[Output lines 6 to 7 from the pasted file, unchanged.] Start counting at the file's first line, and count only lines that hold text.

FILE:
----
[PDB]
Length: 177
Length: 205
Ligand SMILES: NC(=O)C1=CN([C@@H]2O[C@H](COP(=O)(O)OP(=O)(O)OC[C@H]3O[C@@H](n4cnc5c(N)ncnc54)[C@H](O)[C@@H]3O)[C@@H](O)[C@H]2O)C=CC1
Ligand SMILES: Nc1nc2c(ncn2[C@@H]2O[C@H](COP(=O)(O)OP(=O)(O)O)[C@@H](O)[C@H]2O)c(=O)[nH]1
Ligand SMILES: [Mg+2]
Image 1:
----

Ligand SMILES: [Mg+2]
Image 1: